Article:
Sharp-tailed Grouse

1/2500s at f10.0, ISO2000, Canon EOS-1D X w/EF400mm f/4 DO IS USM

The Plains Sharp-tailed Grouse makes its home in the northern Great Plains in southern Alberta and Saskatchewan, eastern Montana, North and South Dakota, Nebraska, and northeastern Wyoming. This race lives in the mixed-grass prairie preferring a mosaic of native grasslands, cropland, and brushy/woody riparian draws, creeks, and rivers. The sharp-tailed grouse is a lekking bird species. These birds display in open areas known as leks with other males, anywhere from a single male to upwards of 20 will occupy one lek (averaging 8 to 12). A lek is defined as an assembly area where animals carry on display and courtship behavior. During the spring, male sharp-tailed grouse attend these leks from March through July with peak attendance in late April, early May. Sharp-tailed grouse are a precocial species, meaning they hatch with their eyes open, are self reliant, and do not require the mother to feed them. Shortly after hatching, the chicks and mother leave the nest site in search of cover and food.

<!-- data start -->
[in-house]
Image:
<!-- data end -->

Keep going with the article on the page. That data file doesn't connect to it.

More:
Crescent N.W.R., NE